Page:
Immigration and Health USA by Adesuyi Leslie Ajayi & Abimbola T. Ajayi
Immigration and Health USA is to assist immigrants and their care givers attain optimum health during their acculturation period and long term stay in the USA with emphasis on health promotion and primary prevention that is ethnically sensitive and culturally appropriate. More
Immigration to the USA: Who is coming from where?
The United States of America is a complex country comprising the indigenous American Indians, unwilling African migrants' descendants, European colonists- the first real immigrants, and the more recent wave of global immigrants. The United States has the highest rate of immigration in the world! More people seek to enter and live within the US than all other countries of the world combined! This situation comes with both its perils and opportunities. The attraction of the US to people of other countries is an everlasting testimony to the genius of the American founding fathers whose proclamation of life, liberty, pursuit of happiness as human inalienable rights, lit an eternal fire and revolution in the human spirit. In addition to the aforesaid, the magnificent splendor of the American landscape, the range of opportunities, the breadth of its diversity and the almost unfettered potential for self actualization has made the US an irresistible magnet, and a global tapestry of cultures. The American magnet has attracted some of the most gifted minds to these shores. [The acclaimed genius, Albert Einstein, was a German immigrant, who became a US citizen]. America arguably has the best mode of government in the face of this planet, it still has the most vibrant economy, most advanced scientific - manufacturing capacity, and remains the only global military superpower. The open secret of the continued American success and dominance, from science to sports, lies in the ability to re-adapt the qualities of its population through a carefully controlled immigration policy.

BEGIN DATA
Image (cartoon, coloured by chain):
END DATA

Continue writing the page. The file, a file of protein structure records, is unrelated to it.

Immigrants generally arrive in the United States with less disease burden compared to their corresponding US ethnic and socioeconomic counterparts - interesting... This "healthy immigrant" syndrome may represent both selections of healthy people for immigration approval, and positive health practices in the region of nativity. The immigrant can stay healthy by adopting a strategy of intelligent assimilation into the American society, while maintaining healthy practices, psycho-linguistic, cultural and family ties to their native land.
Brain drain, brain gain or brain circulation?
One major consequence of leaving the region of nativity is the loss of highly trained manpower to the host country (brain drain). This loss, affects many professional groups, but has attracted attention with the out-migration of health professionals, especially physicians and nurses. This is because of the alleged adverse impact of the out-migration on the health personnel and services from the "donor" or "source' country. The United States already employs half of all the English- speaking doctors in the world, and plans to employ 1 million more health caregivers over the next 15 years.
Education or skills acquisition will position the immigrant to be able to obtain a job, or be self-employed in a way that will provide health insurance coverage for the family breadwinner and the dependents. This is imperative, if a family member suffers from a chronic medical disease. Immigrants should make the fringe benefit of family health insurance coverage a priority criterion in accepting job offers, and should also obtain the same, even as self-employed people.
Diet is a major factor in healthy living and our health is to a large extent a reflection of what we eat and how we eat it. Diet is also geographical, varying vastly according to the region of nativity.
"Eating out" at a restaurant is a commonplace American lifestyle and a stark symbol of acculturation to the Western mode of existence. America has diverse and delicious cuisine that has a gustatory appeal to many diners. An extreme view of the situation is that in some families, home cooked food is no longer available or the skills to prepare it, is perhaps extinct.
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